Center for Asian American Studies opens new location at Bellmont Hall, new major and initiative

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Photo Credit: Evan L'Roy | Daily Texan Staff

The College of Liberal Arts’ Diversity Committee students and faculty ate dinner in Bellmont Hall Monday to celebrate the Center for Asian American Studies’ new location. 

The new space has more offices, a kitchenette and places for students to meet and hang out. Alongside the relocation, the College of Liberal Arts’ Diversity Committee introduced a new initiative and a potential major. The race, indigeneity and migration major and The Gender, Race, Indigeneity, Disability and Sexual Studies Initiative are part of the committee’s expansion at the University. The center is also celebrating its 20th anniversary. 

The center’s director Eric Tang said the move from Burdine Hall to Bellmont Hall is an important change and will add to the overall creation of community in the College of Liberal Arts’ Diversity Committee. He said for the past year, the committee has been expanding not just with the new location but with the new major and initiative, as well. 

 

Tang said for these to develop, the committee had to work with the College of Liberal Arts staff and could see the new major potentially being ready for students to join in Fall 2020, offering tracks that include topics relevant to diversity, culture and migration.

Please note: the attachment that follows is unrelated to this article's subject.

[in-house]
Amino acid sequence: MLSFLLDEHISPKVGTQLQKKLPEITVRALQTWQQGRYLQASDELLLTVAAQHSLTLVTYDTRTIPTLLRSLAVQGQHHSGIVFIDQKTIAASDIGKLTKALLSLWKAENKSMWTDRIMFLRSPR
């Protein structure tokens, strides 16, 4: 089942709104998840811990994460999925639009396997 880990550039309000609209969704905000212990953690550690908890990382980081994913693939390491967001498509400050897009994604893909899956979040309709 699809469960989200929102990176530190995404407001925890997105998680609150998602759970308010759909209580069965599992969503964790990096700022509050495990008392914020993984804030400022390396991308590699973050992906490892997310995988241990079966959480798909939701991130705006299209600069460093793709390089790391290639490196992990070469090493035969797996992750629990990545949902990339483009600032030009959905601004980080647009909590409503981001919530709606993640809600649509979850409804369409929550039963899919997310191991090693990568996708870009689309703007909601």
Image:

“People ask ‘Why UT Austin?’” Tang said. “It is because we are in many ways a hub for race, indigeneity and migration in the area.” 

Tony Vo, assistant director for the center,  said he is excited for the initiative, major and Center for Asian American Studies’ move into the Bellmont Hall space because it was time for the center to grow.

“For years, we were in Burdine Hall ... but we have been dreaming of a center and a space of community,” Vo said. “There are 15 new offices in total, and we share the space with Art Galleries at Black Studies and Human Dimensions of Organization, and we are all very excited for this move.”

Sarah Philips, a Center for Asian American Studies student ambassador, said she’s noticed a difference as the new space gives more room for students to hang out and chat with their peers. The previous location in Burdine Hall was only a few office spaces.

“We have more space for students to hang out and have a community,” government senior Philips said. “With the move, the new major and initiative are also a perfect way to introduce any students that may be thinking of joining something with (the center) or the College of Liberal Arts.”